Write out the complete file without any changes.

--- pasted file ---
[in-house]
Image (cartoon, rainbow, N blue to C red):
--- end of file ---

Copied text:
[in-house]
Image (cartoon, rainbow, N blue to C red):